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Atlantic City Criminal Defense Blog

Expungement of a criminal record in New Jersey

A criminal record can cause a lot of problems in life for many years after the crime occurred. Expungement is a legal process in which a person who has been convicted of a crime gets that crime cleared from his or her criminal record. The process involves petitioning a New Jersey Superior Court and meeting specific criteria. Once approved, all police, court and corrections documentation are removed from one's record. At this point a background check would indicate no evidence of the crime ever having happened.

There are many reasons someone might need a conviction expunged. A criminal record can impact many aspects of life. In today's technology-infused lifestyle, it is not uncommon for potential love interests to make a background check on someone prior to becoming involved with him or her. Potential landlords also often perform background checks on prospective tenants. A conviction from years earlier can cause one to get denied for the housing as well as the love interest.

It may be hard for officers to prove DUI charge for marijuana use

When a driver is suspected of being under the influence of alcohol, an officer can utilize field sobriety testing to look for signs of impairment. Separately, a Breathalyzer or blood test may confirm if the amount of alcohol in the person's system is above New Jersey's legal limit of .08. In those instances, the person is charged with DUI. The process when someone is suspected of being impaired by marijuana is not so simple. The standard field tests, Breathalyzers and blood tests used to prove alcohol impairment cannot prove marijuana impairment.

The potential legalization of recreational marijuana use in the near future would most certainly increase the number of suspected impaired drivers on New Jersey's roadways. This presents a challenge to officers as there is currently no way for officers to measure marijuana intoxication. The standard field sobriety tests used for alcohol impairment aren't effective for suspected marijuana intoxication. Also, the current bill that would legalize marijuana use doesn't set a legal standard for what is to be considered marijuana impairment.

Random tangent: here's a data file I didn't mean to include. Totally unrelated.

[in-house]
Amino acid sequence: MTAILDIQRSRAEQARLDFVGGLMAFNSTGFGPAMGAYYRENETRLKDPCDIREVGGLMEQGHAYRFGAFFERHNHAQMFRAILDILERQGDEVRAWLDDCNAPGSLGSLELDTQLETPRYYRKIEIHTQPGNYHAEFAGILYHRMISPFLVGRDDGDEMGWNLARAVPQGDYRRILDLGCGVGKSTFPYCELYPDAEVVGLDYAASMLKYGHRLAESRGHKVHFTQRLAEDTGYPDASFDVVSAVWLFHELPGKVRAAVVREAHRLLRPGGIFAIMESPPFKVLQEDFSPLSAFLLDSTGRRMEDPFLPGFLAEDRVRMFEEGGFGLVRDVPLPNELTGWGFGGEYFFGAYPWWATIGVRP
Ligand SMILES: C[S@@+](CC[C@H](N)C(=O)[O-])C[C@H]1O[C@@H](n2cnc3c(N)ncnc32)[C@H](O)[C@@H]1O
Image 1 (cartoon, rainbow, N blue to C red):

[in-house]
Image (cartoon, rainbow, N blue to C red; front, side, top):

How do field sobriety tests work?

When someone is pulled over by police in Atlantic City due to an officer suspecting the driver is under the influence of drugs or alcohol, there are certain steps the officer takes to determine the driver's level of impairment. One of these steps is field sobriety testing. There are three individual sobriety tests that make up the Standard Field Sobriety Test. When properly administered, this assessment has been found to be quite accurate in determining one's balance, coordination and other abilities.

The first part of the Standard Field Sobriety Test is the horizontal gaze nystagmus test. This assesses the involuntary jerking of one's eyeball. The officer holds an item such as a pen about 12 inches in front of the person's face and asks the individual to follow the movement of the pen with his or her eyes while the officer moves the pen left and right. The officer observes how distinct the jerking of the person's eyeballs is and at what angle the jerking begins.

What does "schedule" mean in a drug possession charge?